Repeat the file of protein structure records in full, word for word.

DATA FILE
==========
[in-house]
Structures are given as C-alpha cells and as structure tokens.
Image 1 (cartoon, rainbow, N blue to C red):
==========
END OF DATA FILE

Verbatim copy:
[in-house]
Structures are given as C-alpha cells and as structure tokens.
Image 1 (cartoon, rainbow, N blue to C red):